HEW issued final regulations implementing Title IX three years after enactment of the statute. The interpretation of a statute by the agency charged with its administration is entitled to deference. Sands, 2A Sutherland's Statutes and Statutory Construction § 49.05 at 238 (4th Ed. *536 1973). Temple argues the application regulation, 34 C.F.R. § 106.11 (1980), is invalid. Under the General Education Provisions Act, 20 U.S.C. § 1232, the regulations did not become effective until forty-five days after promulgation to allow Congress to review and veto them if it so chose. Congress reviewed the regulations exhaustively. The House Subcommittee on Postsecondary Education of the Committee on Education and Labor held six days of hearings to determine if the regulations "as they are written are consistent with the law, or whether they should be returned to the agency for redrafting until they are consistent with the law from which they must draw their authority." Hearings on Title IX Before the Subcommittee on Postsecondary Education of the House Committee on Education and Labor, 94th Cong., 1st Sess. 97 (1975) (remarks of Rep. O'Hara) [hereinafter cited as Hearings]. The testimony of the thirty witnesses appearing before the committee and the additional 132 written statements comprise 664 pages. The majority of the witnesses focused on the specific issue relevant here: the meaning of "receiving Federal financial assistance" in the context of intercollegiate athletic programs. See, e. g., id. at 46 (Statement of the American Football Coaches Association President Darrell Royal); id. at 66 (Statement of Kathy Kelly, President, U.S. National Student Association); id. at 321 (Prepared Statement of Dr. Bernice Sandler, Association of American Colleges, submitted by Lynn Heather Mack, Executive Director, Intercollegiate Association of Women Students); id. at 401 (Statement of Janet L. Kuhn, attorney). Yet, after this lengthy and strenuous debate on the regulations' coverage of indirectly funded athletic programs, Congress did not reject the regulations as being inconsistent with Title IX.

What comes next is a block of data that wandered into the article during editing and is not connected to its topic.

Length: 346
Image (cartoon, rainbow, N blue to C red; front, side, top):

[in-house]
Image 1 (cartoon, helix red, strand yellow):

Congress could not have been unaware of the hot debate over coverage of indirectly funded athletic programs.[9] Twelve members of Congress themselves testified at the subcommittee hearings. Representative Patricia Schroeder testified that she was

shocked by the hysteria that has surrounded these regulations, especially those relating to sports and athletic programs .... The specter of that sacrosanct institution, big time football, dying at the height of its glory, of football heroes in tattered uniforms playing to half-empty stadiums, are alarmist tactics that serve only to cloud the issue.

Hearings at 206 (statement of Rep. Schroeder). Title IX coverage of intercollegiate athletic programs was even the subject of newspaper comic strips at the time of the hearings and later. See Reprints in U.S. Commission on Civil Rights, More Hurdles to Clear, Women and Girls in Competitive Athletics, Clearinghouse Publication # 63 (July 1980). If Congress had not intended Title IX to cover indirectly funded athletic programs, the intense media and congressional scrutiny of the regulations on athletics should have led to a congressional resolution of disapproval. But it did not.[10]

III. Case Law

The majority of cases interpreting Title IX, Title VI and section 504 support an expansive reading of the phrase "receiving *537 Federal financial assistance." Civil rights statutes such as Title IX generally are entitled to broad interpretation to facilitate their remedial purposes. See, e. g., Griffin v. Breckenridge, 403 U.S. 88, 97, 91 S. Ct. 1790, 1795, 29 L. Ed. 2d 338 (1971) (Reconstruction Civil Rights Statutes to be accorded "a sweep as broad as [their] language.") (citations omitted); United States v. El Camino Community College District, 454 F. Supp. 825 (C.D.Cal.1978), aff'd, 600 F.2d 1258 (9th Cir. 1979), cert. denied, 444 U.S. 1013, 100 S. Ct. 661, 62 L. Ed. 2d 642 (1980) (Title VI to be construed liberally to effectuate its remedial purpose). See also Cannon, 441 U.S. at 686 n.7, 99 S. Ct. at 1952 n.7 (the scope and purpose of Title IX place it within the civil rights enforcement scheme that Congress has created over the past 110 years).